Māori kiwifruit growers thrive despite Covid 19 setbacks

By Herewini Waikato

Māori grew about 10% of the volume of kiwifruit exported from New Zealand last year.

That translates to about $114 million worth of revenue coming into Māori business pockets, according to Māori Kiwifruit Growers chairman Anaru Timutimu.

He told Te Ao Marama that this will continue to rise as consumers around the world during Covid 19 want more fresh fruit, such as the New Zealand kiwifruit.

Experienced workers may be able to earn up to $40 an hour.

This news was warmly welcomed by Māori Investment Ltd, which owns and operates Kiwifruit orchids Whiritoa in Te Teko and Rauotehuia orchid in Awakeri.

But even though experienced workers can get up to $40 an hour at picking time there is a serious shortage in the industry.

Gold kiwifruit from the Whiritoa orchard, to be picked in March

6000 workers needed

An industry forecast shows 26,000 workers are needed in the industry this year but there is a shortage of 6,000 workers to get the job done.

 “It is because borders are closed and we are feeling the weight of not having extra harvesters available at the moment,” Māori Investment Ltd chief executive Kiriwaitingi Rei said.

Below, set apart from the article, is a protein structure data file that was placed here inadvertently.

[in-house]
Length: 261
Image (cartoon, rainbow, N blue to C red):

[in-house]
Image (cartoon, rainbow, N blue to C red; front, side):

These orchards are near the river of Rangitaiki and the mountains of Otamaroa in the Bay of Plenty. They have won numerous awards and placed first in the OGR earnings in the Eastern Bay.

Whiritoa orchard operates 6.85 canopy hectares of conventional gold and 5.3 canopy hectares of organic gold. Both Whiritoa and Rauotehuia are managed by wahine toa.  All staff are Māori and come from the nearby communities.  

 “We will have to spread risk this year,” Whiritoa manager Helen Scott said. “Usually, we love to have Māori working our whenua.

Mahi to be done

“If that can't happen, we spread risk and we get who we can get.”

Rauotehuia orchard manager Kristine Savage believes even with Covid 19 it is business as usual. Uunvaxed or vaxed, there is mahi to be done, she said. “Our people are happy to talk about Covid 19 and work together by having those vaxed work in one area and those unvaxxed in another. ''

Kaumātua and Poutīkanga for both orchards Rex Anderson is confident the picking gangs from last year “who did a wonderful job” will make themselves available this year despite the Covid traffic light system. He is adamant they will direct themselves and harvest safely. Anderson is happy about the job opportunities for his people in Kawerau to Ruatoki. Te Mahoe to Matata. Poroporo to Te Teko that both these orchids have provided over the many years.

Kiwifruit harvesting will begin at the end of March this year.